In late February of 2021, adjustments were made to the PPP Loan, to provide money that is needed to small businesses.
The adjustments address five primary objectives.
1. Move the smallest businesses to the front of the line. The SBA has established a two-week exclusive application period for businesses and nonprofits with fewer than 20 employees. It began on February 24. The agency has reassured larger eligible companies that they’ll still have time to apply for and receive support before the program is set to expire on March 31.
2. Change the math. The loan calculation formula has been revised to focus on gross profits rather than net profits. The previous formula inadvertently excluded many sole proprietors, independent contractors and self-employed individuals.
3. Eliminate the non-fraud felony exclusion. Under the original PPP rules, a business was disqualified from funding if it was at least 20% owned by someone with either 1) an arrest or conviction for a felony related to financial assistance fraud in the previous five years, or 2) any other felony in the previous year. The new rules eliminate the one-year lookback for any kind of felony unless the applicant or owner is incarcerated at the time of application.
4. Eventually remove the student loan exclusion. Current rules prohibit PPP loans to any business that’s at least 20% owned by an individual who’s delinquent or has defaulted on a federal debt, which includes federal student loans, within the previous seven years. The SBA intends to collaborate with the U.S. Departments of Treasury and Education to remove the student loan delinquency restriction to broaden PPP access.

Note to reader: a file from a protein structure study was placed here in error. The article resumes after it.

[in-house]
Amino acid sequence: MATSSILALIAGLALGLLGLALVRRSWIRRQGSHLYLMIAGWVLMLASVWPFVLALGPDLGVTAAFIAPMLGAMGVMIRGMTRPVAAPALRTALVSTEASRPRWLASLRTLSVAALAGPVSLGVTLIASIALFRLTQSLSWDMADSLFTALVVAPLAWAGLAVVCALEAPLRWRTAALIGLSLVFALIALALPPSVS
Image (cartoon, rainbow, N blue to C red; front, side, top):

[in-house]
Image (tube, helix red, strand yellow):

5. Clarify loan eligibility for noncitizen small business. The CARES Act stipulates that any lawful U.S. resident can apply for a PPP loan. However, holders of Individual Taxpayer Identification Numbers (ITINs), such as Green Card holders and those in the United States on a visa, have been unable to consistently access the program. The SBA has committed to issuing new guidance to address this issue, which, in part, will state that otherwise eligible applicants can’t be denied PPP loans solely because they use ITINs when paying their taxes.
The PPP is consistently changing due to the COVID-19 relief bill currently in Congress. If you would like updates on the PPP Loan and COVID- relief bill, please contact your Rudler, PSC advisor at 859-331-1717.
RUDLER, PSC CPAs and Business Advisors
This week's Rudler Review is presented by Maddie Schweitzer, Senior Accountant, and Jane Frances, CPA.
If you would like to discuss your particular situation, contact Maddie or Jane at 859-331-1717.
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